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Keywords:

  • heparin;
  • erb-B2;
  • signal transduction;
  • colon cancer;
  • disaccharide;
  • heparan sulfate

Abstract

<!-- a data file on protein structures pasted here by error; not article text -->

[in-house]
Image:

Organ-specific extracellular matrix (ECM) determines metastasis formation by regulating tumor cell proliferation. Hepatocyte-derived ECM enhances proliferation of colon cancer cell lines by increasing expression of tyrosine kinase receptors of the erb-B family. The active components in the ECM are the heparan sulfates, which are highly heterogenous in their chemistry and size. We determined the effect of heparan sulfate disaccharides, of defined chemistry and present in high amounts in the liver heparan sulfate chains, on the proliferation of colon cancer cell lines and investigated the mechanism involved. The low-metastatic cell line KM12 was stimulated to proliferate by a highly sulfated disaccharide, found in the highest amounts in hepatocyte-derived heparan sulfate. Growth of the highly metastatic cell line KM12SM was inhibited by the second most common disaccharide in hepatocyte-derived heparan sulfate. The effect of both disaccharides was not accompanied by changes in the expression of erb-B1, erb-B2, erb-B3 or heregulin-α. We determined whether the disaccharides modified the signal-transduction pathways mediated by the erb-B receptors. The erb-B2-specific tyrosine kinase inhibitor AG825 abolished the enhancement of KM12 cell proliferation by the stimulatory disaccharide. This disaccharide increased tyrosine phosphorylation of erb-B1 and erb-B2 receptors, effects that were abolished by AG825. Moreover, the disaccharide caused increased expression of cyclin D1 and of activated MAP kinase, again reduced in the presence of the inhibitor AG825. The growth-inhibitory disaccharide reduced phosphorylation of erb-B1, but not of erb-B2, receptors in KM12SM cells. In conclusion, not only hepatocyte-derived heparan sulfate but also disaccharide molecules derived from heparan sulfate can affect colon cancer cell proliferation. Their effect is mediated by modulation of the erb-B signal transduction. © 2002 Wiley-Liss, Inc.